Case Study: Equity Explorer
Scope: International (considers 186 countries)
First Released: October 2014
Intended Audience: Policymakers, governments, analysts, private sector, civil society,
Potential Application: Inform policymakers in global climate negotiations; provide context for citizens to hold governments accountable; visualize the complexity of global disparities in relation to GHG emissions, world economies, and mitigation.
Developer: World Resources Institute
Next month, many of the world’s leaders will make their way to Lima, Peru. There they will engage in the final set of discussions in the run up toward the next global climate agreement, set to be negotiated in Paris late next year. As countries prepare for each of these conversations, they are also preparing their “intended nationally determined contributions (INDCs),” a part of a global process derived by the U.N. Framework Convention on Climate Change (UNFCC) at COP 19 in Warsaw, Poland. Each country’s INDC will be discussed in Lima and published early next year, hopefully laying the groundwork for a global climate agreement.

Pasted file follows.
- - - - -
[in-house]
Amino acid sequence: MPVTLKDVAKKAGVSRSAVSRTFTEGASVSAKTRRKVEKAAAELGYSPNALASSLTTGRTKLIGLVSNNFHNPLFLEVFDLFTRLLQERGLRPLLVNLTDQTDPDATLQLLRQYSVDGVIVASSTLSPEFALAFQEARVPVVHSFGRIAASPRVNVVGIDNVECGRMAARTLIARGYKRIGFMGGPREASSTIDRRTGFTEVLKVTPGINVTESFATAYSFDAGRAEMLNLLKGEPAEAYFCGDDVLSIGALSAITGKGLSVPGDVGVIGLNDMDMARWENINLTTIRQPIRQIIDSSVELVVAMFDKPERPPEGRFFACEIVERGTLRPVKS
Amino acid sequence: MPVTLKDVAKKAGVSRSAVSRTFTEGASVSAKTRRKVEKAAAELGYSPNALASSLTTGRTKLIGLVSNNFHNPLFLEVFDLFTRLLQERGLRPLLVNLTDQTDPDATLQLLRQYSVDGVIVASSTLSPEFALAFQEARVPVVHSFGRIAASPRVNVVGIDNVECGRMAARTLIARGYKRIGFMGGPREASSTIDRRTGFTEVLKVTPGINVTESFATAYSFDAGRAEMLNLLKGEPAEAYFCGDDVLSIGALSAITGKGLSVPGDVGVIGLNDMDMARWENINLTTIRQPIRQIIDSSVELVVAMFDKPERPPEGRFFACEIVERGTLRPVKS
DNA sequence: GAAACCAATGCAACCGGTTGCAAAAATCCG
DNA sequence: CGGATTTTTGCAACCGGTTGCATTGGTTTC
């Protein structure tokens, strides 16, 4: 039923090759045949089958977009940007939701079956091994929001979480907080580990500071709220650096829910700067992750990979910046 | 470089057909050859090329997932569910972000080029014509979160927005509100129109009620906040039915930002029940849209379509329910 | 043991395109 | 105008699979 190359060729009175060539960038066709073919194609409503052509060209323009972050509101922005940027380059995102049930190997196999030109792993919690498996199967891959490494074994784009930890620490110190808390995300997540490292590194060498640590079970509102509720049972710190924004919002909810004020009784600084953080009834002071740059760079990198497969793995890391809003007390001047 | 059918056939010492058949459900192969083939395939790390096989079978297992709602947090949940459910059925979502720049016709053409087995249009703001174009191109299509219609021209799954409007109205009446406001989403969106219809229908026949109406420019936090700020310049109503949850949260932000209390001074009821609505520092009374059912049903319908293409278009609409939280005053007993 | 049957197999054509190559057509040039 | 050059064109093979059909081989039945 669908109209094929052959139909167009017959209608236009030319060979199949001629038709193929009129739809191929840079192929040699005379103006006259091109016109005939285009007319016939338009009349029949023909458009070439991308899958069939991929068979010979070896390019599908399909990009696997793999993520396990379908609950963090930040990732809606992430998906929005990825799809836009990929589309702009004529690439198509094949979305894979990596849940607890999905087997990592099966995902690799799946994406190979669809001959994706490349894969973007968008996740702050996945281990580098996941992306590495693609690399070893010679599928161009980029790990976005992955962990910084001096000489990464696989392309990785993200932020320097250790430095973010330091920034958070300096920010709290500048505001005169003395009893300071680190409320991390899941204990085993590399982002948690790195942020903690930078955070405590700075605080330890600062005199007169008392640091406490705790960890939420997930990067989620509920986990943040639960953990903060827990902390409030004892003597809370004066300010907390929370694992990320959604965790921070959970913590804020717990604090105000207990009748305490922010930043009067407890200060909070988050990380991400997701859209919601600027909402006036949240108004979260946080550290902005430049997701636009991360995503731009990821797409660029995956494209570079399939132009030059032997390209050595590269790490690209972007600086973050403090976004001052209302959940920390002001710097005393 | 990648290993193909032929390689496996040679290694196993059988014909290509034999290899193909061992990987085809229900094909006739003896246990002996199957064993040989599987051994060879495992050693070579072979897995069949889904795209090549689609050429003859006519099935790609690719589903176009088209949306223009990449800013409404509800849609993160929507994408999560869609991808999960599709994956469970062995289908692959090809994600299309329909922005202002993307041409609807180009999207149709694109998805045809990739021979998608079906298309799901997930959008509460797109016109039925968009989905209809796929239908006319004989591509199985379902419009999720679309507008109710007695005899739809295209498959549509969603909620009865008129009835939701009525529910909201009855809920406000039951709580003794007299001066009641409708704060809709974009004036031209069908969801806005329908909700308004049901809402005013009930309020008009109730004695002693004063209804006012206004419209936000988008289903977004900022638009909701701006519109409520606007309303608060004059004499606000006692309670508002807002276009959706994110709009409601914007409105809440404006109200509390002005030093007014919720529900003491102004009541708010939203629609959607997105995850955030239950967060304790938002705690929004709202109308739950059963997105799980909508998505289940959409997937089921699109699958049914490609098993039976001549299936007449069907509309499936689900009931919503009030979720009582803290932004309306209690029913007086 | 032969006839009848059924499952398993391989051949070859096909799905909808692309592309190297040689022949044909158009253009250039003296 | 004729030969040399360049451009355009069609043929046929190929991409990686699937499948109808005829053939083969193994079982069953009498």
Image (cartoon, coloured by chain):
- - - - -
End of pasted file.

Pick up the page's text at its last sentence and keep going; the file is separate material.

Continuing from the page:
Calculating Climate-Mitigation Contributions
Each country’s INDC will outline the steps it will take to mitigate climate change within its borders. Essentially INDCs will describe to what degree each country will shift its resources towards mitigating climate change (reducing greenhouse gas emissions, increasing carbon sequestration, etc.).
Figure 1. Who should be the first to cut emissions? And, by how much? The Climate Equity tool offers ways to respond to this question. Photo credit: Coal plant near Delta, Utah. Flickr // lowjumpingfrog